Saturday 28 July 2018 marks the 80th anniversary of the launch of Mauretania, the second Cunard liner to bear the name – the first having enjoyed a long and successful career. She was built at Cammell Laird’s in Birkenhead, and was the largest transatlantic liner built on the Mersey.
On Monday Cunard’s Queen Elizabeth was here in Liverpool, and I was fortunate enough to attend a service at St Nick’s to celebrate this anniversary, organised by Liverpool Parish Church in partnership with Cunard and Cammell Laird.
On 28 July 1938, more than 50,000 people crowded around slipway No. 6 at Cammell Laird to watch the launch. Many others paid two shillings to stand on the decks of the Mersey ferries in order to watch the spectacle from the river.
She made her way down the slipway and in to the river just after noon that day, before being berthed in Cammell Laird’s wet basin where 5,000 skilled workers took on the enormous task of fitting her out.
Mauretania embarked on her maiden voyage from Liverpool to New York on 17 June 1939. She had only completed a couple of Atlantic crossings when the Second World War broke out, and was requisitioned for war service by the British Government. In early 1940 she sailed from New York to Sydney to be converted in to a troopship. During her war service she carried more than 350,000 troops, and repatriated thousands more after the war ended.
In September 1946 she returned to Liverpool to be given a complete refurbishment and a fresh start. Liverpool ceased to be her home port soon afterwards, and Southampton became her new base.
She had a fantastic reputation but due to the increasing competition of more modern shipping and also the arrival of regular and cheap air travel, Cunard found themselves losing money.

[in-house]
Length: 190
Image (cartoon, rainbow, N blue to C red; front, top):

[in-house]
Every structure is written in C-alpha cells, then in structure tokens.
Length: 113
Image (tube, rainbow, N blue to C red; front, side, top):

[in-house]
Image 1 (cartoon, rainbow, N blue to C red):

Towards the end of her service, she was mainly used for cruising between New York and the West Indies. She was withdrawn from service in 1965, sold, and sent to the shipbreaker’s yard in Inverkeithing on the Firth of Forth.
Here in Merseyside Maritime Museum we have a number of items on display from Mauretania, but the most impressive are the 6 decorative glass panels that were originally fitted in the Cabin Class Dining Room on board. Each featured a design based on a constellation, to represent either the history of the first Mauretania, or important dates relating to the second Mauretania. You can view them in our Life at Sea gallery on the First Floor of the museum. A rather magnificent series of mirrored glass panels are also on display in the Craft and Design gallery at the Walker Art Gallery, where 13 panels are mounted together to form a clock face. This clock face was also displayed in the Cabin Class Dining Room, and the design features the sun surrounded by planets of our solar system. This impressive was originally sat at the end of the Cabin Class Dining Room.
The Waterfront will be a hive of activity this weekend, with the Clipper Race due to finish here in Liverpool. If you are standing by the river, take a moment to imagine the sight 80 years ago when Mauretania announced its arrival, and a new chapter in the history of Cunard and Liverpool, as the company’s spiritual home.
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